Thread Reader

Björn Peters


Sep 23

9 tweets

Some have wondered why I suggest that the price for electricity at the power exchange EEX will fall by 50-70% on the day the Germans decide to reinstate all six nuclear power plants, in contrast to the @ifo Institut, who calculated the effect at 4% with three NPP. Here is why. 🧵

First, @Clemens Fuest was mandated to calculate the effect of 4 GW of nuclear power on the merit order (please correct me if I'm wrong). The power market is highly non-linear in its behaviour. 8.4 GW has a substantial higher impact on the merit order than just 4 GW.

Six NPP produce ~60 TWh/a of clean power, mostly replacing gas capacity, where gas is extremely expensive. As soon as 8.4 GW are enough to push out gas from the merit order, power prices will fall to the price of coal power. This will happen in lots of hours per year.

The average price will diminish accordingly, probably far more than 4% with six NPP in operations. But there are two secondary and one tertiary effect.

First, the gas not used for power (up to 150 TWh/a) will be available on the market, thus reducing gas prices as the demand-supply relation easens. This reduces the power price in hours when gas still sets the marginal price.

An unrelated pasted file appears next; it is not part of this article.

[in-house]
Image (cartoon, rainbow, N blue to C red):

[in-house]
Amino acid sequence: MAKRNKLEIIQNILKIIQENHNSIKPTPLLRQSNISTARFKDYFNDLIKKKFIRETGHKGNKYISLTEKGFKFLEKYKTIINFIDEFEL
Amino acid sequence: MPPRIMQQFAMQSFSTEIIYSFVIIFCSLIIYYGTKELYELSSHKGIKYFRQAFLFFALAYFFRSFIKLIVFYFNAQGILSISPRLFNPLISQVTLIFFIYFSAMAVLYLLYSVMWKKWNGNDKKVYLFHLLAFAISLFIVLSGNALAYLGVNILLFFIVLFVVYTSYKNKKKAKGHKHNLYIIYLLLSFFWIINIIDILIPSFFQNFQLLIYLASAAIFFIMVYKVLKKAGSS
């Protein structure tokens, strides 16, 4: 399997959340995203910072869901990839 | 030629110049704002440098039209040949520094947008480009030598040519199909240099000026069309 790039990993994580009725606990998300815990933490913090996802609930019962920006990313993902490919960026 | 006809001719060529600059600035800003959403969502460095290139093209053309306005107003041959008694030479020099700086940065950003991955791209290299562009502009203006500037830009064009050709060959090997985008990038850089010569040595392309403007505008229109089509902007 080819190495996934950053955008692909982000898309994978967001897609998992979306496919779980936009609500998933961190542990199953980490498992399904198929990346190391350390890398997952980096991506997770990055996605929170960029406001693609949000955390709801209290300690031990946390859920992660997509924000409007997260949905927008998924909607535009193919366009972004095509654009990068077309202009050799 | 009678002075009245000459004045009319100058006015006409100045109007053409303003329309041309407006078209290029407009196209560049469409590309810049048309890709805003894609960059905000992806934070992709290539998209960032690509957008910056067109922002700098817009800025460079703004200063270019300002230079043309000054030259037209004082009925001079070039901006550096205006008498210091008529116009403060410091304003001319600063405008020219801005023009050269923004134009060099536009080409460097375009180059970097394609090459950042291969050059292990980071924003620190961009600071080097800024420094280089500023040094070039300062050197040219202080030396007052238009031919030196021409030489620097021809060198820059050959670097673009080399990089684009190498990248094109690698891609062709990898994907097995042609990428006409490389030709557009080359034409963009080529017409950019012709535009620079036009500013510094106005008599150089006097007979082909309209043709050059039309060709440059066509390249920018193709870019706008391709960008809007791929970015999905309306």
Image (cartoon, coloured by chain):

Second, the gas not used in the power sector might not be subject to carbon emission trading. 150 TWh/a in gas correspond to 60 Mt/a in CO2, which is several percent of the annual cap&trade volume, a highly inelastic market. Carbon prices should go down accordingly.

The tertiary effect of reduced carbon cost is lower marginal cost for coal and gas fired power plants.

I wouldn't like to pretend that it is easy to calculate the price reduction effect of an infinite lifetime extension of our 6 NPP, but probably no-one can do it with precision. My experience in commodity trading and my reasoning above tell me that 4% reduction is far too low.

There is one aspect, though, that is important to consider: Gas, coal and carbon markets are European ones. A relief on prices would help all Europeans. Hence, lifetime extension is not only important on national level but is an act of European solidarity. Germans, go for it.

Björn Peters


Physicist, economist, energy policy strategist, business builder, author, liberal activist. Always willing to learn.

Follow on Twitter

Missing some tweets in this thread? Or failed to load images or videos? You can try to .